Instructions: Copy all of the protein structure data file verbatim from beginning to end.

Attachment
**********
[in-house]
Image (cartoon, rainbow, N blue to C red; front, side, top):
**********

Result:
[in-house]
Image (cartoon, rainbow, N blue to C red; front, side, top):